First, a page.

Spoelstra offers no excuses for last season, expects Heat to bounce back
MIAMI (AP) -- Erik Spoelstra isn't spending too much additional time looking back at what went wrong for the Miami Heat last season.
To him, the exercise would be pointless.
The easiest thing for the Heat to have done this summer would be to have blamed a 37-45 record -- which kept them from the playoffs -- on the illness that struck Chris Bosh and the injuries that limited Dwyane Wade and others over the course of the year. But Spoelstra, in a roundtable session with the team's beat writers Thursday, said he wasn't accepting any excuses for what went wrong.
"Yes, there's some things I would have done differently," Spoelstra said. "Is it necessary for me to go through the whole autopsy right now? No. I take responsibility for it and that's where it should be. It should be on my shoulders. I'm not running away from that. And now my energy and my focus is on this team, with big expectations. And you know what? That's the way we like it."
So with Bosh healthy again, Wade re-signed for another season and with starters Goran Dragic and Hassan Whiteside about to go through their first full season in Miami, the Heat will gather next week for training camp -- the first step toward what Spoelstra fully believes will be a bounceback season for a team that has reached the postseason 10 times in the last 12 years.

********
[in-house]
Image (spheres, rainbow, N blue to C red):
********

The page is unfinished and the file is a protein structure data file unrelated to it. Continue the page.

"Guys are refreshed," Spoelstra said, referring to both players and his coaching staff.
Spoelstra said Bosh -- who missed the second half of last season after a blood clot was discovered on his left lung -- will be fully cleared for the first practice, an indicator that the All-Star forward is no longer on bloodthinners. Also expected back for camp is forward Josh McRoberts, who missed nearly the entire 2014-15 season after knee surgery.
The Heat also added Amare Stoudemire to the big-man rotation during free agency, and drafted forward Justise Winslow from Duke.
"We like the talent, we like the depth, we like the experience, we like the skill set we have with our front line," Spoelstra said. "And we like the expectations that it brings."